February 1, 2017 10:43am
By: Ken Greger
What if we could truly achieve understanding, unity and enhanced communication within our organizations, particularly the larger corporate environments? Anything is possible if we can start to think differently.
One of my pet peeves is when I hear a C-suite executive refer to the employees as “them.” I just cringe. What happened to “Us?” Conversely, too many employees head to coffee or lunch and throw endless jabs at the C-suite. This is inherent in a disconnected company, and hardly productive. To make it worse, the C-suite implements “policy” so that everyone fits. But, we all know that everyone doesn’t fit, and that imposing a template approach doesn’t really work.
It’s always a good practice to review each year’s Best 100 Companies to Work For list published by Fortune to see what stands out, and what is consistent among these companies. Too many of us in leadership are doing things according to habit, or “the system,” without questioning ourselves or imagining something different… better. Imagining is the key to much of the successes in life and business, and it can be applied to this topic as well. Imagine a different management or communication structure from the one that exists in your organization today.
Here is a thought to stimulate your thinking: What if a representative from each level of your organization was to serve on a “Corporate Council?” Imagine it – direct communication instead of employee surveys, guessing, relying on memos, internal posts, newsletters and the annual “all-hands” summit, or the time-consuming review and resolution of comments on Glass Door or Indeed.
Imagine that each representative is elected by his/her departmental peers and is accountable for accurately communicating issues their department faces, etc., as well as accurately reporting back. What’s so interesting here is that, clearly, the focus needs to be on the overarching goals of the business, but given an environment of silos, those goals are usually lost since each department focuses on and advocates for its own interests instead. With a Corporate Council, those at the lowest levels to the highest will be in the same meetings, listening, learning and discussing. At the most fundamental level, an obvious benefit is that the C-suite will hear information directly and better understand the realities each department faces. A complementary benefit is that the employees will have a better appreciation for the issues, constraints and challenges with which the C-suite is dealing. Imagine that the representatives of all levels – including the C-suite – report back to their peers about what they’ve learned beyond the limited walls of their respective functions – do you think the culture would improve? Not only that, but imagine this: The C-suite representative listens carefully as an employee issue or challenge is described, then responds by saying, “How would you like to approach creating a solution? Shall we discuss it together or form a task force to get back to the Council with its recommendations?” Think about how different that is from departmental meetings describing a new policy being mandated and how to implement it.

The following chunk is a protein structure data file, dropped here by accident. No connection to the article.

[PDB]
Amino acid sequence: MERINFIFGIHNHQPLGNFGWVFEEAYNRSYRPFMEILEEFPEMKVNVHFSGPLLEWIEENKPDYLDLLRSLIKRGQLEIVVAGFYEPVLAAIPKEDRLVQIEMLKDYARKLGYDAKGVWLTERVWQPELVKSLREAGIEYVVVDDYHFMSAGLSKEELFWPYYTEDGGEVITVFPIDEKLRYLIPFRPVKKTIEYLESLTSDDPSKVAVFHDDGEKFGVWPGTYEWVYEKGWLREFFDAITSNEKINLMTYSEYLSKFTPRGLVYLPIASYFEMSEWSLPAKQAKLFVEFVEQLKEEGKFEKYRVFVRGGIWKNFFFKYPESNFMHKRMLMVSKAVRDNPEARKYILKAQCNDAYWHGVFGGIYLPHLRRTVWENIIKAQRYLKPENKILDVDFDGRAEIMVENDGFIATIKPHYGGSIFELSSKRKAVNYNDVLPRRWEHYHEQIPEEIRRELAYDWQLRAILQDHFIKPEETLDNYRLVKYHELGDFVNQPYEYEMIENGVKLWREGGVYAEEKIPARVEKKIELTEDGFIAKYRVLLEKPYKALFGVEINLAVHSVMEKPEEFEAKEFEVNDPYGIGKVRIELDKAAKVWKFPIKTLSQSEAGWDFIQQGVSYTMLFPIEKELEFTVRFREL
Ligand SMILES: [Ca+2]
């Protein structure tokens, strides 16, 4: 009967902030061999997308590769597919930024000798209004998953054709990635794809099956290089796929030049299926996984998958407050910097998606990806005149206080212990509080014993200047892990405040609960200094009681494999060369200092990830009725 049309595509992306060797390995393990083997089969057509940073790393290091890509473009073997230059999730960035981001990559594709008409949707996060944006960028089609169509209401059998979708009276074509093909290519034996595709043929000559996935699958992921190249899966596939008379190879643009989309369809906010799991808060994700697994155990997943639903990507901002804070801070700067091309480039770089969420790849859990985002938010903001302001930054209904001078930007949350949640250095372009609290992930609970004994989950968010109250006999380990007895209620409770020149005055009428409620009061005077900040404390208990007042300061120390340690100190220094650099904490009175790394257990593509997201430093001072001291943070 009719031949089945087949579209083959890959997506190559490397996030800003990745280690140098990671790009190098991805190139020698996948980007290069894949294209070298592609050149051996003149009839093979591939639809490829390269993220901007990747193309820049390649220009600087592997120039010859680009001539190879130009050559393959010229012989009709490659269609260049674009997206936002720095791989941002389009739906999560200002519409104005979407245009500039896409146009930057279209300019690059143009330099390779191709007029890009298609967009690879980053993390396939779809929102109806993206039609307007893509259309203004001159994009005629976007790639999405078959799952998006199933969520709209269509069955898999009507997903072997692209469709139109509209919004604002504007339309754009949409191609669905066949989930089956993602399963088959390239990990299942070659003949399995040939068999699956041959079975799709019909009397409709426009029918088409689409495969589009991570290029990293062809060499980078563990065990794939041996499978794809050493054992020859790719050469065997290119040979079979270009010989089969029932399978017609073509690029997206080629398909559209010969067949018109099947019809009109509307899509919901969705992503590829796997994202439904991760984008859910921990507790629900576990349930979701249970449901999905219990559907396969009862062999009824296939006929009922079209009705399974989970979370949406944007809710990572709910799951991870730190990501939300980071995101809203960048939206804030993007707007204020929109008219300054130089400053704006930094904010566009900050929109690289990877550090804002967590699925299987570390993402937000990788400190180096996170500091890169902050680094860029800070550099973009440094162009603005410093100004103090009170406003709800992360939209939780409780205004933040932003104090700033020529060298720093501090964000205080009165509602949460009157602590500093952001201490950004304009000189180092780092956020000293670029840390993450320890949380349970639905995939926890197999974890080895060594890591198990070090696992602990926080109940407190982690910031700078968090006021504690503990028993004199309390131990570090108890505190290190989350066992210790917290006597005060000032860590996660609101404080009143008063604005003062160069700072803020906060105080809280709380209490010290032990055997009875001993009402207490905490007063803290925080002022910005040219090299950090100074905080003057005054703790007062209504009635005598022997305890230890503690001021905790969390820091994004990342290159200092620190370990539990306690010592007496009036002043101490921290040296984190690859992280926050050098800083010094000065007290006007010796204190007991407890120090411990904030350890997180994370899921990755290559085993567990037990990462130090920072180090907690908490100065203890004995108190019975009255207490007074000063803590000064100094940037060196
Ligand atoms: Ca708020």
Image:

For an additional perspective, I spoke with Elizabeth Norberg, Executive Vice President & Chief Human Resources Officer for Red Lion Hotels Corporation (“RLHC”), and a former senior human resources executive with Starwood Hotels & Resorts. I also spoke with Robert Mellwig, Senior Vice President – Really Cool People for Two Roads Hospitality, the company created last year from the merger of Destination Hotels and Commune Hotels & Resorts. Both are savvy and progressive human resources professionals. Elizabeth’s view is that the best communication practices have a multi-prong approach (tech, print, and face) which may include various councils. “The council idea may work if you have the right charter, member selection criteria, and a very clear process.” At RLHC, they’ve implemented a concept called V.O.i.C.E. (an acronym for “Voice of the Internal Customer Experience”). The goal is to capture the “voice” of their associates by involving them early on in creating new initiatives, innovating process, hiring, and problem solving. They connect their teams together by crossing department lines to gain different perspectives and challenge thinking.
Following the acquisition of Vantage Hospitality Group last year, RLHC utilized the VOiCE strategy, to bring its teams together to tackle the integration of the two companies. The approach was to form one team with one new culture, building on the respective company’s successes. RLHC used the VOiCE model to leverage their strengths to deliver viable solutions and to create a strategic framework for its future success. Elizabeth believes, “A critical element to their VOiCE strategy is to cascade the information back to the associates to ensure they captured their feedback accurately and then move to implementation.” These behaviors and outcomes are rewarded and reinforced through formal and informal systems. Elizabeth concludes that “RLHC believes this disciplined approach can enhance the associate experience and continue to grow and create greater value through its people, while having a whole lotta fun!”